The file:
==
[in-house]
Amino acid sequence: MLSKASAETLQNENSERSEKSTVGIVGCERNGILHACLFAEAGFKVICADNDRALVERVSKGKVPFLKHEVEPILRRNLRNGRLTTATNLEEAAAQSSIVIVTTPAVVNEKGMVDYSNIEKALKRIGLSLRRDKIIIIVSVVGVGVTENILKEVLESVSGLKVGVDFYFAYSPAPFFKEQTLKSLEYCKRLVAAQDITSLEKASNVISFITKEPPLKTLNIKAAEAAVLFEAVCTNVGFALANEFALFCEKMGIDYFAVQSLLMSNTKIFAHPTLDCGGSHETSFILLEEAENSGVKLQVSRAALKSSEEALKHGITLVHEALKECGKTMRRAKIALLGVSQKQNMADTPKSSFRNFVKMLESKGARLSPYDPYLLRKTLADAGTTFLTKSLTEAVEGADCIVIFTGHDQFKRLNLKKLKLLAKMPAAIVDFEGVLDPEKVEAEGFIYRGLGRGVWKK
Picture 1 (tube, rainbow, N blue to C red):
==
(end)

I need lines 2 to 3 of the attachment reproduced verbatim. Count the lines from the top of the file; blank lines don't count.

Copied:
Amino acid sequence: MLSKASAETLQNENSERSEKSTVGIVGCERNGILHACLFAEAGFKVICADNDRALVERVSKGKVPFLKHEVEPILRRNLRNGRLTTATNLEEAAAQSSIVIVTTPAVVNEKGMVDYSNIEKALKRIGLSLRRDKIIIIVSVVGVGVTENILKEVLESVSGLKVGVDFYFAYSPAPFFKEQTLKSLEYCKRLVAAQDITSLEKASNVISFITKEPPLKTLNIKAAEAAVLFEAVCTNVGFALANEFALFCEKMGIDYFAVQSLLMSNTKIFAHPTLDCGGSHETSFILLEEAENSGVKLQVSRAALKSSEEALKHGITLVHEALKECGKTMRRAKIALLGVSQKQNMADTPKSSFRNFVKMLESKGARLSPYDPYLLRKTLADAGTTFLTKSLTEAVEGADCIVIFTGHDQFKRLNLKKLKLLAKMPAAIVDFEGVLDPEKVEAEGFIYRGLGRGVWKK
Picture 1 (tube, rainbow, N blue to C red):